The Shattuck Hospital campus will see a bunch of changes in the coming months and years. The state is planning to relocate 260 inpatient beds and other programs from Jamaica Plain to the South End in 2021, while also recently approving a 99-year lease for two acres of housing for chronically homeless individuals. There are two upcoming community meetings to discuss the changes. There will be an April 12th meeting to discuss the programs that are moving. During the meeting Massachusetts Secretary of Health & Human Services Marylou Sudders will be providing an overview of the relocation project and outline of the 12-month planning process.
Tired of looking at those large empty storefronts or vacant luxury residential units in big buildings? So is District 6 City Councilor Matt O'Malley, who has proposed a vacancy fee for landlords causing "high-end blight." "When properties remain vacant year after year, they create holes in the fabric of our communities," said O'Malley to Jamaica Plain News. "As we encourage investment in our neighborhoods, we must also make sure that investment benefits our neighbors. When storefronts and high rises are filled with people, they contribute to the community as well as to the property owner's bottom line.
Another piece for the eventual Jackson Square Recreation Center fell into place last week after the city conveyed a 5,970 sq. ft. vacant parcel on Richie Street to Urban Edge to be used for the project. Last week the Public Facilities Commission provided the city's 1 Richie St. site to Urban Edge for the Jackson Square Recreation Center, according to Boston's Department of Neighborhood Development.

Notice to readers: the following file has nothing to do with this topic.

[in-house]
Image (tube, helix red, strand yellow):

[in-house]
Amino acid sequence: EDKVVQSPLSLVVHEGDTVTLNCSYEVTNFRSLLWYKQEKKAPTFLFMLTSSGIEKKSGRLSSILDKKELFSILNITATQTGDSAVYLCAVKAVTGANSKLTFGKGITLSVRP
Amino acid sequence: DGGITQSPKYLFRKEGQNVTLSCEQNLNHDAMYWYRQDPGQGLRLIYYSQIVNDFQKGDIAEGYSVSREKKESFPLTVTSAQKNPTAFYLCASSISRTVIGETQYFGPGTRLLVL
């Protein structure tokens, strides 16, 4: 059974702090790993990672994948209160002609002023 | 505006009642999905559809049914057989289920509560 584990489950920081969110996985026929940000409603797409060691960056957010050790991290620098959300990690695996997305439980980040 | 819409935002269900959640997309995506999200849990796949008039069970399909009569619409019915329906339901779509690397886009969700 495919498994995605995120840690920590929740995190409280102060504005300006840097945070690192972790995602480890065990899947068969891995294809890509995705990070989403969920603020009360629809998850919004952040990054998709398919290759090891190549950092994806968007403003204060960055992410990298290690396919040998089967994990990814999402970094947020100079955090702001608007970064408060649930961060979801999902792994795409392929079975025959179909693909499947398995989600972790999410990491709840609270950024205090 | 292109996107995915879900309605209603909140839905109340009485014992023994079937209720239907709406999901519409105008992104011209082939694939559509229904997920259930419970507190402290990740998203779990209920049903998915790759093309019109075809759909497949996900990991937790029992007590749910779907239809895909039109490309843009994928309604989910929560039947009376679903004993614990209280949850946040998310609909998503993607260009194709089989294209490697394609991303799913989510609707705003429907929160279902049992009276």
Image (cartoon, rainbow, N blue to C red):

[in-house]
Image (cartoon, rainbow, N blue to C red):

To compost or not to compost -- District 6 City Councilor Matt O'Malley knows the answer. That's not the only answer Jamaica Plain's city councilor recently provided to Jamaica Plain News in a ranging interview. Q: Your ordinance to ban single-use plastics bags was approved by the city council in November and signed into law by Mayor Walsh. When will it take effect and how will businesses be informed about what they need to know? O’Malley: It’s slated to take effect one year after its passage from the date the mayor signed it into law, which was December 15th.
At the annual Martin Luther King Jr. Day breakfast held in Boston, state Sen. Sonia Chang-Díaz passionately called for the passing of a bill that would provide criminal justice reform, such as no mandatory minimum prison sentences for nonviolent drug offenses throughout the Commonwealth. Governor Charlie Baker, Mayor Martin Walsh, U.S. Senator Ed Markey, Speaker of the House Robert DeLeo, were all in attendance, as Jamaica Plain's state senator received a standing ovation for her speech. Below is a transcript of Chang-Diaz's speech:
Good morning. It has been an intense, worry-filled, but also inspiring year since we were together last. Last year, I stood at this podium worried about the slow pace of criminal justice reform in our state.